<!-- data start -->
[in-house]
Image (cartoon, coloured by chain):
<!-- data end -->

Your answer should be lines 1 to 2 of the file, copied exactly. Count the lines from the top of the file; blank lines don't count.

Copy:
[in-house]
Image (cartoon, coloured by chain):